Poor white Americans are dying of despair. And racism is to blame.
A recent social science paper found that middle-aged non-Hispanic white Americans (ages 45-54) experienced a large increase in total mortality between 1998 and 2013. If the mortality rate had instead continued falling on its previous trend, it would have prevented nearly half a million deaths over that 15-year period.
A mortality increase like this is basically unheard of in the developed world — be it Sweden, France, Australia, Korea, or Japan, continuing economic growth has meant corresponding decreases in mortality. That normal downward trend also holds for other demographic groups in the United States. African-Americans still experience an absolute mortality rate higher than whites, but their rate still fell sharply over the study period — meaning the ratio between black and white mortality rates shrank from 2.09 to 1.40 between 1998 and 2013. Meanwhile, U.S. Hispanics were near whites in 1998, but have since fallen far below (keeping almost exactly even with Great Britain's rate, as it happens).
The increase in white deaths is entirely concentrated among people with a high school degree or less, a good proxy for poverty. Meanwhile, mortality rates have continued to decline among whites with any college attendance.
What's behind the increase in poor white deaths? Well, they are dying not of disease, but of suicide, chronic alcohol abuse, and especially drug overdoses. As Paul Krugman writes, it resembles "the collapse in Russian life expectancy after the fall of communism."
Why? American poverty is increasingly brutal. Male wages at the bottom fifth of the income ladder, for instance, have fallen by over 30 percent since the late 1960s, and inequality has exploded. These days, those in the top 1 percent capture virtually all economic growth.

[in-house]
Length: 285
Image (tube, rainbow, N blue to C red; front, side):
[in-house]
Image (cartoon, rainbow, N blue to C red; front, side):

Other countries have responded to similar trends by building a strong welfare state: universal health care, free education and college, disability and unemployment insurance, maternity leave, a child allowance, paid vacation, and so on. With economic growth plugging along, there is more social product to fund generous services — thus ensuring that just about everyone has at least a decent standard of living. That is behind the broadly improving mortality rates in other nations.
But America has been extremely stingy about putting welfare where it's really needed. Fifty years after we got insurance coverage to the elderly and most of the poor, we just barely got a halfway-decent framework for covering everyone else who didn't have it (which still needs a ton of work). Direct cash aid to the poor was basically killed under Bill Clinton. And we are nearly alone in the world in providing no maternity leave or child allowance. (It's important to note that we do spend about as much as sensible countries on welfare, it's just that a huge portion of it is funneled straight to the rich through tax expenditures.) As a result, the white American poor — like Dylann Roof's friends — are economically insecure and deeply alienated from mainstream society.